Testing times for council
Porirua City Council got involved in several touchy issues this year.
The canopies in the CBD came down in January and while that created much positive feedback, the decision on whether to replace them has dragged on interminably.
The 4.8 per cent rates rise for Porirua residents, and the promise of similar rises in future, was decried by many as extravagant.
Mayor Nick Leggett’s pamphlet, justifying the rates increases, didn’t sit well, nor did lowering the rates instalments from five to four without prior warning.
Other brickbats for council included the Saturday market saga, over-zealous parking wardens ticketing school galagoers and the Porirua 50th committee imploding.
There were positives for the council, too.
It came up with $1 million to help Aotea College fund a performing arts centre, pitched in to rescue the floundering Porirua Sports Awards, took over management of the Bernie Wood Turf, named the Porirua Park grandstand after Jerry Collins, oversaw the brilliant 50th festivities and reacted quickly during and after the May 14 floods.
The council attracted more headlines over Porirua Little Theatre getting an extension to find funding for Titahi Bay Marines Hall, selling off 30 reserves and pockets of land, the Spicer Landfill smell, asking the Government to take responsibility for private housing, buying the New Zealand Post building, and getting the Cobham Court upgrade under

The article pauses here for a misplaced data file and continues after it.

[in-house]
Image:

‘‘The 4.8 per cent rates rise . . . was decried by many as extravagant.’’
Next year’s local body elections loom.
There will be some change around the council table. Mayor Nick Leggett is rumoured to be considering a tilt at the Wellington mayoralty and Porirua councillors Bronwyn Kropp and Ken Douglas have confirmed they will not seek re-election. Tim Sheppard and Litea Ah Hoi may also stand aside.
Our council report card in March again generated feedback – Leggett and councillor Izzy Ford came out on top, and John Burke and Ah Hoi fared worst.
Since Wendy Walker took over from Gary Simpson as council chief executive in September, there has been change among the council senior executive.
Long-serving David Rolfe has departed, and other changes are likely.
The Titahi Bay Lions-run Saturday market, forced out of Porirua’s CBD, is now based at Waitangirua. The issue created negative publicity for Porirua City Council.